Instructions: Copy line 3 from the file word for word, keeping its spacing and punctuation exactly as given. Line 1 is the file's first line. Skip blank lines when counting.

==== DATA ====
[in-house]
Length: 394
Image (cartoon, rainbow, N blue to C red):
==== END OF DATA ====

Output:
Image (cartoon, rainbow, N blue to C red):